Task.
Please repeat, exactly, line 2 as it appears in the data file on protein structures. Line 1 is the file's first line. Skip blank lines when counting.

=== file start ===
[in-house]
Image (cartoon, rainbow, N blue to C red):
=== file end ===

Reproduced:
Image (cartoon, rainbow, N blue to C red):